OPINION FILED OCTOBER 19, 1984.
THE PEOPLE OF THE STATE OF ILLINOIS, APPELLEE,
GARY BARNARD, APPELLANT.
Appeal from the Appellate Court for the Fifth District; heard
in that court on appeal from the Circuit Court of Saline County,
the Hon. Michael J. Henshaw, Judge, presiding.
CHIEF JUSTICE RYAN DELIVERED THE OPINION OF THE COURT:
The defendant, Gary L. Barnard, was charged by information in the circuit court of Saline County with three counts of murder, under the provisions of sections 9-1(a)(1) and (2) of the Criminal Code of 1961 (Ill. Rev. Stat. 1981, ch. 38, pars. 9-1(a)(1), (2)). The defendant was also charged with three counts of armed violence (Ill. Rev. Stat. 1981, ch. 38, par. 33A-2) based on the different murder charges. Following a jury trial the defendant was convicted of one count of murder. Verdicts of not guilty were returned on the armed-violence counts. The defendant was sentenced to 25 years' imprisonment and fined $5,000 by the court. On appeal to the appellate court, the defendant contended that the trial court abused its discretion in imposing the $5,000 fine. He also contended in the appellate court that he should have received a credit of $145 toward his fine for the time he spent in custody prior to sentencing. The third issue raised in the appellate court urged that the trial court erred in considering the allegations of the defendant's prior criminal acts which had not resulted in convictions. The appellate court, in a Rule 23 order (87 Ill.2d R. 23), vacated that part of the circuit court order imposing a fine upon the defendant and remanded it to the circuit court for further hearings on defendant's ability to pay a fine. (115 Ill. App.3d 1161.) The remainder of the judgment of the circuit court was affirmed. We granted the defendant's petition for leave to appeal. 87 Ill.2d R. 315.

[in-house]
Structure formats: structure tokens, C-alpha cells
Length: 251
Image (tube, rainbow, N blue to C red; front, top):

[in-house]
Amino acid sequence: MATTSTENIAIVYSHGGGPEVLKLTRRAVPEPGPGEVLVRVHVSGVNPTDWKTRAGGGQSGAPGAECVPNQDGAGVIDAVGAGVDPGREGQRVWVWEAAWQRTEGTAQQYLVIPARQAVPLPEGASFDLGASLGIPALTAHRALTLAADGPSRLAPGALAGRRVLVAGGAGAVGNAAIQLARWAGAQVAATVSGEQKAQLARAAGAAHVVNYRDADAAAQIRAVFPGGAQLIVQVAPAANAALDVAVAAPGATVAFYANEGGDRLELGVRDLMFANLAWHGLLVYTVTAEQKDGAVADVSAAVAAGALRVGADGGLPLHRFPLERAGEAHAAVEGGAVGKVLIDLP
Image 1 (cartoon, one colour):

On June 15, 1981, Dennis Price (the decedent), and Larry Moore and Stanley Jackson drove up in front of the defendant's house at about 6:45 in the evening. The three occupants of the automobile had been drinking. The defendant went out to the automobile and had a brief conversation with the three, after which the occupants of the automobile left to get something to drink, and the defendant returned to his house to watch television. After a while he thought that the men might return and cause some trouble, so he went to his bedroom, loaded a .22-caliber pistol and, leaving the pistol in the bedroom, returned to the other room to again watch television. A short time later, decedent and Moore came back and entered the house without invitation. Jackson did not come into the house. Price and Moore argued with each other off and on for about half an hour as the defendant was watching television. Finally the defendant asked them to leave, and when they made no attempt to do so, he went into the bedroom and got the pistol which he had previously loaded. He returned to the living room, pointed the gun at Price and told him to leave. Price started walking toward the defendant with his hands held above shoulder height, saying, "You don't want to do that, man. You don't want to do that." Defendant fired one shot into Price's chest when he was about six feet from the defendant. The defendant then called the Harrisburg police department, identified himself, gave his address, and said that he had just shot Dennis Price and that the police should come and send an ambulance. Price died from the wound.